The notorious commander who oversaw the mass murder of at least 14,000 Cambodians died on Wednesday at the age of 77.
Known as "Comrade Duch," Kaing Guek Eav was former Prime Minister Pol Pot's premier executioner and security chief at the notorious Tuol Sleng prison.
A tribunal spokesman for the Khmer Rouge, which Duch was a leader of, said he died at the Khmer Soviet Friendship Hospital in the Cambodian capital, Phnom Penh.
He gave no details of the cause, but Duch had been ill in recent years.
In the streets of Phnom Penh on Wednesday, locals like 66-year-old Cheak Sam Oeun reacted to the news:
"I will never forget the horrible past or crimes that he committed and he deserves to serve more prison terms but now that he has died, I can forgive him and his case is finished."
Duch was the first member of the Khmer Rouge leadership to face trial for his role in a regime responsible for at least 1.7 million deaths in the "killing fields" of Cambodia --during the Khmer Rouge's reign of terror from 1975 to 1979.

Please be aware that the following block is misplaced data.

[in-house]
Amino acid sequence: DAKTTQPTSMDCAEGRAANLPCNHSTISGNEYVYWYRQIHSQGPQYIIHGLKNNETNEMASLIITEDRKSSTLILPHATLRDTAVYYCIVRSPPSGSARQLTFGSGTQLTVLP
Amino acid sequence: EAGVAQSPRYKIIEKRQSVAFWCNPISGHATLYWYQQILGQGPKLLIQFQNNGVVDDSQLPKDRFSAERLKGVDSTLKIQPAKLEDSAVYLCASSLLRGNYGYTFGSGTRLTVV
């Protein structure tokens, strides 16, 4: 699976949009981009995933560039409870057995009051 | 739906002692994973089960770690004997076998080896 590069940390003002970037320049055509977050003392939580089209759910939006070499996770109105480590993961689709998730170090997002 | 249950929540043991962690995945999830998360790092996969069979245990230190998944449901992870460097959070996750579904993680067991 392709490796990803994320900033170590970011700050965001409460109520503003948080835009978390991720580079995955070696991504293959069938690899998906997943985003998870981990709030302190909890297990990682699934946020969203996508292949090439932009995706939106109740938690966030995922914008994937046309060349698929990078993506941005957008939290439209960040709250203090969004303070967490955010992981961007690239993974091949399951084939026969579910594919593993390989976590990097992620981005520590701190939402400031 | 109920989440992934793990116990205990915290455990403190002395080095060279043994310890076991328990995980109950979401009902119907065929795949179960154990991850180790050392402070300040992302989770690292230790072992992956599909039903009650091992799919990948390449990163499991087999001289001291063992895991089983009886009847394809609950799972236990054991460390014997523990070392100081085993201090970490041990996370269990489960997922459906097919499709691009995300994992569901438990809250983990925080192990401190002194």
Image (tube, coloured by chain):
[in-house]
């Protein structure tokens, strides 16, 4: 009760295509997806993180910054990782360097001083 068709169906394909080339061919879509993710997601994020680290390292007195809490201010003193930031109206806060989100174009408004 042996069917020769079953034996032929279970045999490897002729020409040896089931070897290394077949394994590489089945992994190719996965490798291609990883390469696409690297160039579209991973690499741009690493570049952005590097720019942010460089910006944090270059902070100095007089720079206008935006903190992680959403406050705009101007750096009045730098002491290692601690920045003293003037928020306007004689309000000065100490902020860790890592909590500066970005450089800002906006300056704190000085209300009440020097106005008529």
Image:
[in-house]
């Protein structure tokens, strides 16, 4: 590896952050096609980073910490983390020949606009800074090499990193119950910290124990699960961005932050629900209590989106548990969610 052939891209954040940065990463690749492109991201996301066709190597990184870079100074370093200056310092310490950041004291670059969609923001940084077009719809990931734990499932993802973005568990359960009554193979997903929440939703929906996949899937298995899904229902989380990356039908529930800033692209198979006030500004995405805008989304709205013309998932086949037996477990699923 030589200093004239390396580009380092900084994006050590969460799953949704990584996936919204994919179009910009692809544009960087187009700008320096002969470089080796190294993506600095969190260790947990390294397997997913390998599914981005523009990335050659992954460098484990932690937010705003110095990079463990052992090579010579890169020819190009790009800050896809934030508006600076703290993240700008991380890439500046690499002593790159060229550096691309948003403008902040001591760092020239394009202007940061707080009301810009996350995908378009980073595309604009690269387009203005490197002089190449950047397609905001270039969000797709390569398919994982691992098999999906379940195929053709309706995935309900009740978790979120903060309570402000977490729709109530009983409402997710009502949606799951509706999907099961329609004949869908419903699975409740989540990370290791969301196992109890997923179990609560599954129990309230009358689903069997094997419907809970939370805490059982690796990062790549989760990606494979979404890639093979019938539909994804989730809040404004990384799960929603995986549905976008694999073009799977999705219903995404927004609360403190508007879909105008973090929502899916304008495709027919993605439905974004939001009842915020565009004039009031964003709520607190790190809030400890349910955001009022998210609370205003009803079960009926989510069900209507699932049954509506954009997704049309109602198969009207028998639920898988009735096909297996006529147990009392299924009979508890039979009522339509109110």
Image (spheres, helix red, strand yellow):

In 2010, a United Nations tribunal found him guilty of mass murder, torture and crimes against humanity at Tuol Sleng prison, the former Phnom Penh high school which still stands as a memorial to the atrocities committed inside.
He was given a life sentence two years later after his appeal -- that he was just a junior official following orders -- was rejected.
By the time of his trial, Duch was a born-again Christian and expressed regret for his crimes.
Under his leadership, detainees at Tuol Sleng prison, codenamed "S-21", were ordered to suppress cries of agony as Khmer Rouge guards, many of whom were teenagers, sought to extract confessions for non-existent crimes through torture.
The guards were instructed to "smash to bits" traitors and counter-revolutionaries.
For the Khmer Rouge, that could mean anyone from school teachers to children, to pregnant women and "intellectuals" identified as such for wearing glasses.
At S-21, new prisoners had their mugshots taken.
Hundreds are now on display within the crumbling walls of the prison, which has since been converted into a museum.